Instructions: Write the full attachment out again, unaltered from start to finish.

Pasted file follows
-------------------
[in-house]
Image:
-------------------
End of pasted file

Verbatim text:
[in-house]
Image: